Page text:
– What do you know about your diagnosis?
– Previous breast history?- Some cancers are more prevalent in persons of different racial and ethnic backgrounds.  The following information will help us to better understand your potential risk in developing certain types of cancers and to understand your prognosis.  [Followed by questions about ethnicity.]
– What percentage of waking hours do you spend up and about?
– more than 50%
– less thank 50% – I am confined to a bed or chair
– I am completely disabled, totally confined to a bed or chair

On the phone, when I scheduled the appointment, the woman was sensitive to the reason I was coming in, and to the fact I hadn’t legally changed my name yet.  Regardless, that didn’t translate over to the present day, and I was called by my birth name and even, “Mrs. [last name].”  I don’t think I’ve ever before been called “Mrs. [last name].”

I finally was brought up to the breast cancer suite and my vitals were taken.  I waited in an exam room and a nurse came in and went over some of the questions with me.  She left for a while and came back, saying, “let’s fill out this paperwork.”  This one WAS relevant to why I was there.  I asked her, “Why was I filling out papers for breast cancer patients?”  She replied, “Oh, well, they just gave you the wrong one down stairs.”  No big deal… ???

She left and a doctor with an intern student came in.  The doctor asked if it was OK if the student was present, and introduced her.  She then asked, “Are you so-and-so?”  I said no I’m not.  She said, “oops, sorry, wrong room.”  I sat there waiting a while longer and finally the surgeon came in with TWO student interns.  At no point did she ask for my consent for them to be present.  They introduced themselves and we got started.  She started by putting words in my mouth – “So you’ve felt this way since you were a teenager.  That’s when you started feeling different…”  I just let her roll with that.  She asked about mental health, suicidal thoughts, and even self-injury.  I’m not sure why.  She asked very little about gender identity.  I answered her questions honestly, including that I’ve had vague suicidal thoughts, and I used to use self-injury as a coping mechanism.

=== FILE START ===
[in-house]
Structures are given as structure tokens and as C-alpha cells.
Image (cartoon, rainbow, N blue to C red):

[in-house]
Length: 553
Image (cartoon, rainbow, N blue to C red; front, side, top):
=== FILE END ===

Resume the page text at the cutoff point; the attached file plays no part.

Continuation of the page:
She then said they were going to leave the room and prompted me to put the robe on.  They were gone a very long time.  They all came back, rubbing hand sanitizer into their hands.  I had a flash fear thought – are all these people going to be touching me?!!!  Fortunately only the surgeon touched me, but the presence of all these people was enough for me to check out for this part of the appointment.  A few things that registered: